Shannon (peacetraveler22) wrote,
Shannon
peacetraveler22

Romance on the Rails - Wolsztyn, Poland

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It all started with the movie "Before Sunrise." I watched this film a week before joining United Airlines, and immediately envisioned a grand rail trip through Europe. On the journey, I'd meet a handsome foreign stranger, we'd engage in intellectual intercourse for hours and then skip off from the station to some remote, romantic bridge for a sunset kiss. I've never once traveled the rails during any of my international trips, so this fairy tale remains buried in my mind. Such train encounters seem less likely in today's world, where everyone's face is buried in mobile devices and laptops, yet I'd like to believe they're still possible mostly because romance and the rails remain intertwined in a lot of societies. I most recently saw it in Wolsztyn, Poland, home to an operating steam locomotive. The locomotive itself is very cool, but my attention was initially drawn to this beautiful wedding couple on the track.

1. Why are trains and the rails associated with romance? I'm not sure but the theme is pervasive in a lot of wedding photography and both old and modern films. I suppose it's because in the early days of travel trains were the only way to escape or go on a grand journey. And romance, well it's an escape from the normal pace of relationships and life.

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2. The town of Wolsztyn is in the middle of nowhere, and the main attraction is the steam locomotive. Every year the depot hosts a locomotive parade, drawing visitors from around the globe.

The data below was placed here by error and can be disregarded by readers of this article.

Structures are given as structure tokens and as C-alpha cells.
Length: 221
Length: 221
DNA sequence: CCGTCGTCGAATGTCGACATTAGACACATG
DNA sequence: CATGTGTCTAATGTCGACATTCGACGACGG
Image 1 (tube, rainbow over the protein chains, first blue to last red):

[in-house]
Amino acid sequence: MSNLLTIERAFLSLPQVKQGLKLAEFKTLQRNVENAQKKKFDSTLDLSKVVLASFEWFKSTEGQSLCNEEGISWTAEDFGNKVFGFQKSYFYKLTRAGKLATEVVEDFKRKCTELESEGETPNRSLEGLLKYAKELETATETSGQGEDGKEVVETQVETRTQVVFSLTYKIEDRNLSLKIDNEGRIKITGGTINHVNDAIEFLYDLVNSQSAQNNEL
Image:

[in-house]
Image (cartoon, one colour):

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3. Many abandoned and old locomotives sit on the tracks.

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4. Sometimes it was difficult to tell which parked cars were operational and which were sitting there merely for decorative purposes. Rural parts of Poland are beautiful, so I think a ride through this area would be met with scenic views.

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5. We arrived early and watched the preparations for take off. A team of hard working rail workers loaded barrels and barrels of coal.

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6. The job is labor intensive, involving a lot of lifting and manual labor. I suspect the skin and clothes of the rail workers are completely blackened with coal dust at the end of every working day. And what does it do to their lungs?

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7. On the platform, I met people from England and Germany who traveled to Wolsztyn simply to take a ride on the steam machine. It's quite glorious when it takes off, the roar from the motion on the rails and strong smell of burning coal penetrate the air.

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8. The Wolsztyn station also serves as a museum of sorts. Behind huge and heavy barricades there are a lot of different train models. Workers and ticket operators here were friendly, but they refused to open the heavy doors behind which the locomotives sit. So, Alexander took it upon himself to do the dirty work. Here, a train enthusiasts dream. A lot of different models to inspect.